Heroes’ Voices has been doing programming all over the San Francisco Bay Area for two and a half years. Most of those programs have been at veterans’ facilities like the VA campuses in San Francisco, Menlo Park, Livermore and Yountville. Most of the vets we have been working with are either permanent residents at these facilities, or are in some kind of residential treatment programs. These treatment programs are typically PTSD, Poly-Trauma or Drug and Alcohol Rehab programs. We are proud and happy to be serving our vets in these programs, and the need is so great that we could spend all our time with veterans in residential programs. There remains an urgent need to reach out other veterans in our community who are not currently in residential programs.
Since we began Heroes’ Voices, we have been exploring ways to target veterans in the community who are not in VA residential programs. There are so many veterans who come home from their deployments and become almost completely isolated. Military life is perhaps the most intense community and familial environment that an American is likely to experience. Almost every aspect of life is prescribed, and structural bonds are created to ensure a group cohesion that can function even during the heat of battle.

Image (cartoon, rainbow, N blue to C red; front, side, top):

Veterans who leave the service and return home suddenly find themselves in a completely different world, without military support structures and without the brothers and sisters who literally had their backs during good times and bad. Many vets (often suffering from PTSD or other battle related challenges) just hunker down in their homes and become trapped in their isolation. These tend to be some of the veterans who take their own lives at the catastrophic rate of 20 a day.
When the War Memorial Veterans Building in the Civic Center of San Francisco re-opened after renovations, Heroes’ Voices was invited, under the auspices of Veterans for Peace, to be one of several veterans’ service organizations to move into office space, and to begin programming for veterans from the greater San Francisco community. There is an exciting range of new programs beginning to be offered at the Veterans Building, with more coming on line almost every month.
Heroes’ Voices has begun its programming with Guitar Corps sessions. We began Guitar Corps at the Menlo Park VA led by San Francisco musician and teacher Larry Chung. Free guitar lessons were given to veterans, and after completing a series of lessons, they we given their guitars to keep. To date, we have given away over a hundred guitars to veterans. Most of those guitars were generously donated by Gryphon Stringed Instruments in Palo Alto. They have been fantastic program partners for the last two years.
Guitar Corps seemed like the perfect program to begin our community outreach, and our first sessions were an unqualified success! We had eleven participants, which is just about the right size for group classes. The veteran participants were men and women from every age range, and the level of enthusiasm was off the charts. They are so thrilled that Heroes’ Voices is offering this program where they could gather in their Veterans Building, as a community with other veterans, and begin to make music together. We offer two sessions, one for beginners and one for intermediate level guitar players. Guitar Corps sessions continue every Friday, and more Heroes’ Voices music and poetry sessions will be offered soon at the Veterans Building.